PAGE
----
The hotel trade is booming in Berlin: 13 million overnight stays were counted last year, about 800,000 beds were on offer. With the Concorde Hotel in the town centre, another luxury hotel has now opened its gates in November. Its location opposite the famous Café Kranzler is not the only outstanding feature: the natural stone façade invisibly fixed with fischer undercut anchors is just as remarkable.
The five-star hotel with 311 rooms, banqueting hall, conference rooms, restaurant, wellness area and bar is managed by the French Concorde chain of hotels which also operates the renowned Grand Hotel Esplanade in Berlin. The building also accommodates offices and flats, the city waxworks, shops and underground car parks. The investors Grothe Immobilien Projektierungs GmbH and the architect Jan Kleihues have successfully managed to reflect the high standards of the hotel in its appearance, appointment and the façade design of the 17-floor building.
“In terms of urban space, the new building volume completes the space created by the existing development. The structure is also designed to supplement the traditional block: the façade follows the course of the street, and the structure steps down to the usual Berlin eaves height at the ends of the building”, describes Jan Kleihues the building.
These recessed building sections with their uniform appearance of the joints along the axis of the windows and the breastwork define the façade clad with 9,200 square metres of natural stone. The façade slabs conceal a 100 mm thermal insulation layer, 60 mm air space and the drainage downpipe – with a joint width of 4–6 mm virtually invisible to the observer. The consistency, shape, size and weight of the façade made of Kirchheim shell limestone elements proved to be a particular challenge for fixing engineering, which also had to comply both with the high aesthetic claim and with strict building regulations.
Working closely with the experts from the general façade construction contractors Reinhold &Mahla and with the IBT engineering bureau, the fischer façade specialists took a good look at these requirements and came up with exactly the right kind of bespoke solution, made possible by using the fischer FZP undercut anchor. As the undercut anchor carries significantly higher loads than conventional bolt bearings, the thickness of the biggest slabs could be kept as low as 40 mm. The lighter façade reduces the structural load acting on the building and therefore also the costs. A high degree of prefabrication, the precise and time-definite delivery of the natural stone panels and the tightly organised assembly and mounting work allowed between 250 and 300 square metres of natural stone slabs to be fixed every week, in spite of the tight and confined space available at the building site.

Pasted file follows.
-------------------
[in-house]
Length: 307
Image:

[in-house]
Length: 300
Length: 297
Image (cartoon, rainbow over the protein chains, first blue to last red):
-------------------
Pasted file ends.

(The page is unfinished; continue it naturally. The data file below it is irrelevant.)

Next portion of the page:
As the use of the fischer FZP undercut anchor set in natural Kirchheim shell limestone is not regulated via DIN standards or a general approval, the individual approval had to be obtained. The IFBT Leipzig tested the tensile bending strength, the loadbearing capacity and the stability of the construction solution and confirmed the suitability of the anchor.
The shape and the height of the building (over 60 metres) called for an expert wind report, with a wind suction of 2,400 N/m2 and a wind pressure of 1,300 N/m2 included in the structural design.
The Kirchheim shell limestone used in the façade is a very hard, but it is also a porous stone with clay inclusions. Maintaining the required safety levels, the 1,500 support plates (40 mm) and the 4,500 breastwork slabs (75 mm) were fixed to the subconstruction. The breastwork slabs (1.50 x 0.42 metres maximum size) were each fixed with four fischer FZP Zykon anchors 13 x 30 M8 W and the support plates (2.43 x 0.6 metres) were each attached with six fischer FZP Zykon anchors 13 x 30 M8 W.
To make the installation work easier and to ensure that the weight of as much as 220 kg per façade element was safely introduced, fischer developed a so-called suspension strap which involved two undercut anchors being fixed onto a mounting bracket. Varying degrees of sunlight exposure result in temperature fluctuations on the surface of as much as 50 °C. The jamming loads generated in the reveal slabs are compensated by sliding angles.
When it came to fixing the sub-construction, the people from Reinhard &Mahla also broke new ground. A case frame with brackets for holding the sub-construction was mounted into the window wall openings. At the points where the sub-construction could not be fixed to the case frames, the wall holders were anchored with 11,000 fischer FAZ A4 stainless steel anchors. About 20,000 fischer FADI façade self-tapping screws make sure that the suspension strap and the sub-construction are safely connected.
Another formidable challenge faced by the façade builders was the characteristic rounded design of the front of the building. The slabs sized 1.50 x 0.42 metres are each fixed to four brackets with welded double bolt brackets. For the rounded supports, the fischer undercut anchor was the preferred element for structural and design reasons. Each of the 300 façade elements has been individually designed and manufactured.